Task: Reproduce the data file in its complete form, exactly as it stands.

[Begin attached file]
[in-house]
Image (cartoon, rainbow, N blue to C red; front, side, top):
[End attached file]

[in-house]
Image (cartoon, rainbow, N blue to C red; front, side, top):